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Wednesday, January 20, 2016
The Consumer Price Index for All Urban Consumers (CPI-U) in the Houston area declined 0.8 percent in November and December, the U.S. Bureau of Labor Statistics reported today. Regional Commissioner Stanley W. Suchman noted that declines are typical in the November and December time period, having occurred in 29 of the last 32 years. In the current period, decreases in the indexes for energy (-6.9 percent) and for all items less food and energy (-0.5 percent) more than offset an increase in food prices (0.5 percent). (Data in this report are not seasonally adjusted. Accordingly, short-term changes may reflect the impact of seasonal influences.)
During the year ended in December 2015, the all items CPI-U rose 0.4 percent. (See chart 1.) The index for all items less food and energy increased 2.7 percent over the year. (See table 1.)Food
Local food prices rose 0.5 percent in November and December, after decreasing 0.3 percent in September and October. Among the two components of the index, prices for food at home (grocery stores) increased 0.7 percent, while prices for food away from home were little changed, edging up 0.1 percent.
From December 2014 to December 2015, the food index advanced 1.5 percent, reflecting the combined effects of a 2.1-percent price rise for food away from home and a 1.1-percent price rise at grocery stores.Energy
The energy index decreased 6.9 percent in November and December, after falling 10.3 percent in September and October. The biggest factor in the current two-month decline was a 10.1-percent decrease in the motor fuel index, though lower electricity prices also contributed, down 3.5 percent. Natural gas costs were unchanged during the period.
During the year ended in December 2015, the energy index fell 23.4-percent as prices decreased for all three energy components; these three components have registered over-the-year declines in every month of 2015. In the current 12-month decline a 25.2-percent drop in motor fuel prices was the biggest factor, though lower electricity and natural gas costs were also major contributors, down 23.0 and 11.9 percent, respectively.All items less food and energy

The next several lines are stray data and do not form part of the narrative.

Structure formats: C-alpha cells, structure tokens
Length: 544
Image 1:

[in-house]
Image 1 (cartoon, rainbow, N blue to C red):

The index for all items less food and energy decreased 0.5 percent in November and December, after advancing 1.0 percent in September and October. A 10.7-percent decline in apparel prices had the greatest impact, though smaller decreases were registered for other goods and services (-1.4 percent), education and communication (-0.9 percent), recreation (-0.7 percent), and medical care (-0.2 percent). Countering a portion of these declines, shelter costs increased 0.4 percent, as higher prices were registered for both homeowners (0.8 percent) and renters (0.3 percent).
From December 2014 to December 2015, the index for all items less food and energy rose 2.7 percent. The biggest factor in the annual increase was a 6.1-percent rise in shelter costs, as the indexes rose for both renters’ costs (6.5 percent) and owners’ equivalent rent (5.9 percent). Other large contributors to the annual increase included higher prices for household furnishings and operations (6.3 percent) and medical care (2.4 percent). Helping to offset some of these increases, prices fell over the year for apparel (-8.0 percent) and for recreation (-4.5 percent).
The February 2016 Consumer Price Index for All Items for Houston-Galveston-Brazoria will be released on March 16, 2016.